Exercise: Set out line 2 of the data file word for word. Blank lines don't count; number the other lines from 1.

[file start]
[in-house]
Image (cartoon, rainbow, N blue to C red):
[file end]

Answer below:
Image (cartoon, rainbow, N blue to C red):